ISFSI Member Spotlight: Timothy Greves

Member Since: November 2016

Tell us about yourself and why you decided to join the fire service.

Currently, I'm a Lieutenant with the Bristol (RI) Fire Department; a volunteer department with four engines, a ladder, a heavy rescue, and a Marine Unit. I'm a fifth-generation firefighter in my family. I started out in the fire service when I was sixteen years old as a junior firefighter in Watchung, NJ (where my brother and father are still members) and joined the Bristol Fire Department when I went to college in Rhode Island. My full-time job is working for Quantum Sails, where we design and build sails for sailboats. 

Who or what has inspired you to transition into a role as an instructor?

Growing up, I always begged my father to take me on calls. I even plugged in his old Plectron in my bedroom, so if a call came in, I would wake up and listen in. I was inspired to be an instructor from growing up in the fire house, listening to the older generation telling stories and showing the new kids how to do things and why to do those things. I had and still have many "Uncles" that taught me the ropes.

Growing up, we lived fairly close to a department that would get a lot of fires, and if the call was close enough to the house, we would take a ride to check it out. I was always watching the guys work, the Chiefs on the outside and how they coordinated things; watched the fire conditions and smoke and always tried to remember what I saw to ask questions later. 

What are some things you are currently working on in your department?

Currently, I am a putting together at thermal imaging training that will go over a review and all the different cameras we have including their various functions, operations, and incorporate some hands-on training, and not just a power point lecture.  After this, I have a few pending projects: Fire Behavior, Extrication Day, and some other concepts being worked on.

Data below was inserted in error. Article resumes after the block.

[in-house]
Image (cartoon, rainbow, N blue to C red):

Tell us about a project or training accomplishment that you consider to be the most significant in your career.

One of the things that I feel is an accomplishment is when a newer member has that "A HA" moment; after lecturing and hands-on training during the ‘probie school’ for hours and the student finally gets their first call where something happens, and say "I get it now" or "I see why they said that.” That is when I feel like we taught them something they remember. 

What do you hope to accomplish as a fire service instructor?

As an instructor, I hope to accomplish a few things: First, that everyone I had the privileged to instruct goes home at the end of every call and doesn't get hurt. Second, I taught them something...beyond the ‘book stuff’; a little trick of the trade or a better way of doing something. Lastly, the pride in traditions and the respect of the "old school" and history of the way and why we do things. I have a strong belief that we can't understand where we going as a fire service, if we don't know where we came from and why

What is the biggest change you have noticed in the fire service since you started?

Technology; apps, computerized this or that! I am not against technology by any means and I do embrace it and try to learn it all....  but give me a hardworking crew with a straight bore nozzle, an ax, a halligan, and a six-foot NY Hook....most of those don't need updates and work every time. 

What is something that most people don’t know about you?

My full-time job with Quantum Sails affords me the opportunity to Race Sailboats, (yes, I know that may seem like an oxymoron) up and down the East Coast.  Thankfully, I have a very understanding boss that allows and understands that fire calls come in at all hours, including late at night or during work hours, and that I might be late or have to leave depending on the call.

Sailing is my second past time. I enjoy getting out on the water whenever I can. The apartment where I live is part of the Herreshoff Marine Manufacturing Museum, where I also volunteer. The area was the major manufacturing area of Yachts for the Vanderbilt's, Brown's, Rockefeller's, many America Cup Winners, and several other major yachts of historical value including building boats for the navy. There is a ton of maritime history which also coincides with a lot of local fire department history.

What advice do you have to give another instructor or to somebody who is just starting out as an instructor?

Embrace the technology but know where that technology came from. 

Recent Stories
ISFSI Member Spotlight: Michael McLeieer

ISFSI Member Spotlight: Kuntz Family

ISFSI Member Spotlight: Covington Fire Department